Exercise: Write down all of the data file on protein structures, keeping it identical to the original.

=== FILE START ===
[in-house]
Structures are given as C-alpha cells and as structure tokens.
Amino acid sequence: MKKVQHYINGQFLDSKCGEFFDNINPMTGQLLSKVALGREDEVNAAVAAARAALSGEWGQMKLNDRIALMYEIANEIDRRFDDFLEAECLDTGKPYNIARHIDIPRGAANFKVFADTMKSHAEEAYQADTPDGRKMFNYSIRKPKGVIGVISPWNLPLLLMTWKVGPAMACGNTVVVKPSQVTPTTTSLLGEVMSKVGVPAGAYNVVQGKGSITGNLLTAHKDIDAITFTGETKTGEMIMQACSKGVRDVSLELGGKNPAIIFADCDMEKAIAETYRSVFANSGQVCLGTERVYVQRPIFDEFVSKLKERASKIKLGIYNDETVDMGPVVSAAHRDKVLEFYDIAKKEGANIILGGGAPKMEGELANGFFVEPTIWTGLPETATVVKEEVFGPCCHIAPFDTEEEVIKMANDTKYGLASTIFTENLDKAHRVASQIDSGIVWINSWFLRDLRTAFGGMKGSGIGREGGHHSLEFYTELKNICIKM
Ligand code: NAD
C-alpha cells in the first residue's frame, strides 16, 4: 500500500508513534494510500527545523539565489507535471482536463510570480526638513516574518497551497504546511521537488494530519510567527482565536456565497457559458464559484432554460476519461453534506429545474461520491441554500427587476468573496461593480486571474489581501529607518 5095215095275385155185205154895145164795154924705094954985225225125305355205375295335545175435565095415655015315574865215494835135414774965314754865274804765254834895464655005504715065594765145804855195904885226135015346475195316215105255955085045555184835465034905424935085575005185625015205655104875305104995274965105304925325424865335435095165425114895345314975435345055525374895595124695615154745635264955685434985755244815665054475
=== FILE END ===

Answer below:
[in-house]
Structures are given as C-alpha cells and as structure tokens.
Amino acid sequence: MKKVQHYINGQFLDSKCGEFFDNINPMTGQLLSKVALGREDEVNAAVAAARAALSGEWGQMKLNDRIALMYEIANEIDRRFDDFLEAECLDTGKPYNIARHIDIPRGAANFKVFADTMKSHAEEAYQADTPDGRKMFNYSIRKPKGVIGVISPWNLPLLLMTWKVGPAMACGNTVVVKPSQVTPTTTSLLGEVMSKVGVPAGAYNVVQGKGSITGNLLTAHKDIDAITFTGETKTGEMIMQACSKGVRDVSLELGGKNPAIIFADCDMEKAIAETYRSVFANSGQVCLGTERVYVQRPIFDEFVSKLKERASKIKLGIYNDETVDMGPVVSAAHRDKVLEFYDIAKKEGANIILGGGAPKMEGELANGFFVEPTIWTGLPETATVVKEEVFGPCCHIAPFDTEEEVIKMANDTKYGLASTIFTENLDKAHRVASQIDSGIVWINSWFLRDLRTAFGGMKGSGIGREGGHHSLEFYTELKNICIKM
Ligand code: NAD
C-alpha cells in the first residue's frame, strides 16, 4: 500500500508513534494510500527545523539565489507535471482536463510570480526638513516574518497551497504546511521537488494530519510567527482565536456565497457559458464559484432554460476519461453534506429545474461520491441554500427587476468573496461593480486571474489581501529607518 5095215095275385155185205154895145164795154924705094954985225225125305355205375295335545175435565095415655015315574865215494835135414774965314754865274804765254834895464655005504715065594765145804855195904885226135015346475195316215105255955085045555184835465034905424935085575005185625015205655104875305104995274965105304925325424865335435095165425114895345314975435345055525374895595124695615154745635264955685434985755244815665054475